How to have the right strategy for 2024?


Rethinking strategic principles. How to have the right strategy for 2024? On October 30, 2023, New York Times published an article that said that Facebook ‘will introduce an advertisement-free subscription option for Facebook and Instagram … for users in Europe’ in November. European rules on user data protection forced the corporation to go along.

And this is not just a story about the social platform or the strict European regulations. It is a sign of a future strategic paradigm shift in strategic thinking.

What do we call ‘success’?

53 years ago, on September 13, 1970, NYT published another article by Milton Friedman, an American economist. He titled it ‘The Social Responsibility of Business Is To Increase Its Profits’. In it, Friedman proclaimed the shareholder primacy approach. He called shareholders ‘the economic engine of any organisation’ and the sole group to which the firm was socially responsible. As such, the primary business goal was to maximise shareholder value.

The Friedman doctrine became very influential. And though many experts heavily criticise it, many businesspeople still believe a company exists only to make profits. 

Proving it is simple. Look at the metrics we use to evaluate a business – profits, revenue, market share, or market capitalisation. 

Any organisation earns profits by satisfying customer needs. However, most business indicators reflect the value it creates for the single stakeholder group – shareholders. Facebook is a super-profitable enterprise. But it spends astronomical sums on lawyers both in Europe and in the US, because governments and public organisations accuse it of violating users’ rights for profit. 

And this is not yet another tiresome ‘ethical business’ story. Future organisations will have to equally meet the needs of five stakeholder groups: customers, employees, shareholders, business partners, and society. 

Is strategy ’a means to an end’?

Many experts criticise the idea of profit as a primary business goal. But most of them share the viewpoint of a strategy as a tool, as ’a means to an end.’ But if the only ‘end’ we have so far is profit or market cap, it is still the same Freedman’s concept in a new package. 

This way of thinking has three negative implications:

  1. Companies still aim to make profits simply because nobody offers them other objectives.
  2. Words matter. If you proclaim profit as an ultimate goal, and the strategy is only a tool helping to reach it, your crucial assets, including employees, are nothing but resources.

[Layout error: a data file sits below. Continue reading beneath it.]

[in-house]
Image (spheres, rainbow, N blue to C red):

3. Paraphrasing Dwight D. Eisenhower, we may say that strategy is useless, but strategising is indispensable. 

But the idea of treating workers as ‘resources’ looks outdated – to say the least. 

And the process of strategy development itself advances the organisation. It enhances executives’ cognitive skills. It forces them to raise difficult questions and find answers. 

Strategy always implies doing something we’ve never done before. It means we base our strategy on hypotheses we’ll have to test. It makes strategising an ongoing process. 

‘Built to last’ 

Are you familiar with the following companies?

  • Staffelter Hof Winery (winery, hospitality; Germany)
  • Genda Shigyo Paper Industries (paper, Japan)
  • Chateau de Goulaine (winery; France)? 

It is unlikely. However, they are three of the ten oldest businesses in the world. They all are older than 1000 years.

In 2024, more businesses will start questioning the purpose of their existence. Is it to achieve some goals? But goals are only some future desired states of affairs. For instance, we may want our business to become a national leader with a certain market cap in five years. Would it be a great accomplishment? 

On the one hand, it can look like a significant achievement. On the other hand, isn’t it better to build a sustainable, resilient business able to survive in any circumstances, a business that will be here in 30 or 50 years?


As someone whose work implies reading many articles and blog posts on strategy, I observe three major trends I mentioned in this article:

  1. Companies start revising their basic strategic approaches. They try to find a way to fulfill all stakeholder group’s needs. And they use respective metrics in addition to profit or market cap.
  2. Business leaders begin to see strategy not as a set-it-and-forget procedure but as an ongoing process.
  3. Businesspeople are rethinking the purpose of the organization’s existence. The focus is shifting from short-term (5-10 years) goals to more fundamental ones – building a sustainable business that can outlive its founders.

Following these trends will help you have the right strategy in 2024.